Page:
It seemed every kid in our neighborhood had a dog. Every kid except me. I asked my parents on several occasions if I might have a dog too.
I want to answer the “how do you homeschool through high school” question from the perspective of a mom of five, four of whom chose to go to college.
As a graduated homeschool student, one of my interests was a desire to work for myself. Looking back, I realize all the lessons I learned would never have been possible if I had attended a public or private school.
The more I travel and meet people the more I see that I was really blessed in my home life. My parents loved each other, instilled in us self-discipline and homeschooled us right-on. I have no fear of failing and no regrets.
Last month, Nathan returned to the mountain of Papua New Guinea and walked among the Kumboi people. He was a teenager when he was last there.
Sometimes there were lost guys who would come around to “hang out,” but if they didn’t want to know the Lord, they soon quit coming. And our daughters never hung out with unsaved guys.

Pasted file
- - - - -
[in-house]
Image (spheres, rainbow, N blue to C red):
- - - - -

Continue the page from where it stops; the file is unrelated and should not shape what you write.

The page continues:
They never used the term, but looking back I was being taught a form of “sin management” and was never given hope that I could be free from this sin.
In our present culture, by the time most children are sixteen years old, they have left a well-documented profile on the World Wide Web. Advertisers say, “We know more about you than you know about yourself.”
Most of the kinks have been worked out of the Gospel Boxes and I am now proceeding with field tests. They have been sent to China, Peru and Ireland, as well as several locations around the U.S.
Conditions are rapidly aligning with Ezekiel’s 2,700-year-old prophecy. Fulfillment seems imminent. Our redemption draws nearer with every newscast.